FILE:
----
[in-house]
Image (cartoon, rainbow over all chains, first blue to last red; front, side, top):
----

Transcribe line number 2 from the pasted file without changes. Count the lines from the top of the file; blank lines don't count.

Image (cartoon, rainbow over all chains, first blue to last red; front, side, top):